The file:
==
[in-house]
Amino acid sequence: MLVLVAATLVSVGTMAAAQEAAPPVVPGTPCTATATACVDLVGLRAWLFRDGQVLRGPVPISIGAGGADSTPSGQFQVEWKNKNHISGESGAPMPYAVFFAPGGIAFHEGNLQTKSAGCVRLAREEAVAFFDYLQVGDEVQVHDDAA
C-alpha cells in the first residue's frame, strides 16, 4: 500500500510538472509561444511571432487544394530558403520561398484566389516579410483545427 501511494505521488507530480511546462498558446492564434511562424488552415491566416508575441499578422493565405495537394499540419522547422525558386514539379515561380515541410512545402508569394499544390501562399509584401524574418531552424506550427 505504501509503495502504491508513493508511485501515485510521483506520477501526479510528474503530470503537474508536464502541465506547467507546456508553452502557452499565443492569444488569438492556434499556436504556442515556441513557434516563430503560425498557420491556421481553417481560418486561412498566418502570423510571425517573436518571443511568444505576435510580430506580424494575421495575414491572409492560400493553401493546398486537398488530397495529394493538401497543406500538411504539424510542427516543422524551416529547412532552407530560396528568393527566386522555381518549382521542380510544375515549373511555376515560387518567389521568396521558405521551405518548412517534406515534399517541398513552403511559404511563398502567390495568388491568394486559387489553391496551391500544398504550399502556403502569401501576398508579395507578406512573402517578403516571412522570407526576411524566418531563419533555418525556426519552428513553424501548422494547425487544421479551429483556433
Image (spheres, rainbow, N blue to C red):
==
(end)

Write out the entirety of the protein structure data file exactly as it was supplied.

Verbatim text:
[in-house]
Amino acid sequence: MLVLVAATLVSVGTMAAAQEAAPPVVPGTPCTATATACVDLVGLRAWLFRDGQVLRGPVPISIGAGGADSTPSGQFQVEWKNKNHISGESGAPMPYAVFFAPGGIAFHEGNLQTKSAGCVRLAREEAVAFFDYLQVGDEVQVHDDAA
C-alpha cells in the first residue's frame, strides 16, 4: 500500500510538472509561444511571432487544394530558403520561398484566389516579410483545427 501511494505521488507530480511546462498558446492564434511562424488552415491566416508575441499578422493565405495537394499540419522547422525558386514539379515561380515541410512545402508569394499544390501562399509584401524574418531552424506550427 505504501509503495502504491508513493508511485501515485510521483506520477501526479510528474503530470503537474508536464502541465506547467507546456508553452502557452499565443492569444488569438492556434499556436504556442515556441513557434516563430503560425498557420491556421481553417481560418486561412498566418502570423510571425517573436518571443511568444505576435510580430506580424494575421495575414491572409492560400493553401493546398486537398488530397495529394493538401497543406500538411504539424510542427516543422524551416529547412532552407530560396528568393527566386522555381518549382521542380510544375515549373511555376515560387518567389521568396521558405521551405518548412517534406515534399517541398513552403511559404511563398502567390495568388491568394486559387489553391496551391500544398504550399502556403502569401501576398508579395507578406512573402517578403516571412522570407526576411524566418531563419533555418525556426519552428513553424501548422494547425487544421479551429483556433
Image (spheres, rainbow, N blue to C red):